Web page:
Now, here is a closer look at what's going on this morning and what is still to come.

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Futures (as of about 9 a.m. ET)

Dow +0.03 per cent; S&P 500 +0.00 per cent; Nasdaq: +0.04 per cent; TSX 60 +0.27 per cent

Japan's Nikkei -1.31 per cent
Shanghai composite index -0.34 per cent
Hong Kong's Hang Seng +0.20 per cent 
Germany's DAX +1.12 per cent
London's FTSE +0.85 per cent
France's CAC 40 +1.14 per cent

WTI crude oil (Nymex Nov.) +1.43 per cent at $45.32 (U.S.) a barrel
Gold (Comex Dec.) -0.12 per cent at $1,328.80 (U.S.) an ounce
Copper (Comex Dec.) +0.46 per cent at $2.18 (U.S.) a pound

Canadian dollar -0.16 at 75.62 cents (U.S.)
U.S. dollar index +0.12 at 95.54

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Canada 10-year bond yield +1.30 at 0.956 per cent


Germany GfK consumer confidence

(8:30 a.m. ET) U.S. durable goods orders for August. Consensus is a decline of 1.4 per cent from July. Excluding transportation, the consensus is a 0.5-per-cent decline.

New orders for non-military U.S. capital goods other than aircraft rose for a third straight month in August, a positive signal for the business investment outlook.

The U.S. Commerce Department said on Wednesday new orders for the category, which includes goods like motor vehicles and machinery and is a closely watched proxy for business spending plans, increased 0.6 per cent last month.

Economists polled by Reuters had forecast these core capital goods orders falling 0.2 per cent.

The government downwardly revised its estimate for those orders in July to a 0.8-per-cent gain from the previously reported 1.5-per-cent increase.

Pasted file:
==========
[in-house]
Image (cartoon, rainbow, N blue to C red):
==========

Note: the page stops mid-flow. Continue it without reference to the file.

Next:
(10 a.m. ET) U.S. Fed chair Janet Yellen testifies before the House Financial Services Committee hearing regarding Wells Fargo's banking activities.
(10:30 a.m. ET) EIA petroleum status report.


Mattress maker Tempur Sealy's shares plunged nearly 24 per cent in premarket trading after the company forecast disappointing full-year sales.


Nike dropped 2.9 per cent to $53.76 after the shoemaker's future orders missed analysts' estimates for the third time in a row, attracting a slew of price targets by brokerages.


Sarepta Therapeutics rose 2.5 per cent to $60.58 (U.S) after RBC raised its price target on the drugmaker's stock.


AGF Management reported third quarter adjusted earnings per share of 13 cents, matching Street estimates.


Wells Fargo CEO John Stumpf will forfeit $41-million (U.S.) in equity awards following the recent sales scandal, while former community banking head Carrie Tolstedt will give up $19-million in equity awards.


Deutsche Bank CEO John Cryan told a German newspaper that the bank did not need any government assistance or a capital increase. The shares have been under pressure on worries that an anticipated multibillion-dollar fine from the U.S. Justice Department could damage the bank's finances.


UBS downgraded AT&T to "neutral" from "buy," pointing to lower earnings growth and increasing competition in the wireless business.


Share in Macy's were downgraded to "neutral" from "outperform" at Credit Suisse, saying Macy's is now in an "execution phase" of a strategic shift and that investors are likely to wait to see results.


Mizuho downgraded Twitter to "underperform" from "neutral" on a valuation basis, saying it was skeptical about most of the takeover rumours about the company.


Wedbush downgraded the stock of Alphabet, Google's parent company, to "underperform" from "neutral," on a variety of concerns about future monetization of online search.


Earnings include: Actuant Corp.; BlackBerry Ltd.; Paychex Inc.

With files from wire services